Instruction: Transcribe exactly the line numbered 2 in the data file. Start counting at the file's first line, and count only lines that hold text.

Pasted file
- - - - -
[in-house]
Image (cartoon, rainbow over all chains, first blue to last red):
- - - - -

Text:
Image (cartoon, rainbow over all chains, first blue to last red):